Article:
One of our daughters had a summer job on Capital Hill as a congressional intern. At the end of the summer, she was going out with a number of intern friends for a fun evening. My wife and I and our other children were at the Maryland State Fair. We tried calling her a few times, but no answer. She is a very responsible person and it was unlike her not to be in touch. By the time we got home it was already quite late, she still wasn’t answering her phone, and she had failed to return to her Aunt’s house in Alexandria where she was staying. We called the police and even reached the Congresswoman she was working for: nothing. She had disappeared. That’s when I totally freaked out. I told my wife and the other kids to start praying their hearts out, I was leaving for Washington. “But Shimon, where are you going?” “I have no idea, but somebody has her and I’m driving those streets until I find her.” Then, just before I walked out the door, the phone rang, and I heard my daughter’s voice. She was okay, and I sobbed into the phone.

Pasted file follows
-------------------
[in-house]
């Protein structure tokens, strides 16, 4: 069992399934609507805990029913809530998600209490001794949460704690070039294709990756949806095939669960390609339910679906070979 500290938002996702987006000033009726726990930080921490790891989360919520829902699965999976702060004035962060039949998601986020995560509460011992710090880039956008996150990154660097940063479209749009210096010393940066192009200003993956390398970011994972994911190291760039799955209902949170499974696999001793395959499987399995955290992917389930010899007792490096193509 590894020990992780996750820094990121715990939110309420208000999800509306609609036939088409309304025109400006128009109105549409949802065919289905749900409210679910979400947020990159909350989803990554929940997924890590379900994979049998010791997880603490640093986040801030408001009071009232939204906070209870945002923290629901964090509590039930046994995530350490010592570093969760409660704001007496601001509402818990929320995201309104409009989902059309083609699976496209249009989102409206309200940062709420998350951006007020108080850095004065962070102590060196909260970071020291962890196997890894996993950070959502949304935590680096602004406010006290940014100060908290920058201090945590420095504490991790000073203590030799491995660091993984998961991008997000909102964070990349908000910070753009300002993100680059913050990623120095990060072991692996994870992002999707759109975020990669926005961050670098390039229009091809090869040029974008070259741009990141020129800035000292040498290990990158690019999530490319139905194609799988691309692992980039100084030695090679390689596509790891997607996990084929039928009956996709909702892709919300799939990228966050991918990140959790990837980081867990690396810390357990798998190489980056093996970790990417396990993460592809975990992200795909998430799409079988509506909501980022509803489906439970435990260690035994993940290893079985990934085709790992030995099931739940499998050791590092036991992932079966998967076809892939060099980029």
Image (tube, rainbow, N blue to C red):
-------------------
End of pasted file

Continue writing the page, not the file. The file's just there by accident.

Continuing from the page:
I will never forget the feeling of thinking that someone had abducted my daughter. Without a doubt, what I felt that night was not even the slightest fraction of what Eyal, Gil’ad and Naftali’s parents are feeling.
Obviously we can’t feel what they are feeling, but I can’t help but ask myself, am I truly taking this to heart the way I ought to? Has it shaken me to my core that three Jewish boys are being held captive by people capable of the most barbaric acts imaginable?
And so I ask myself, have I prayed yet, really?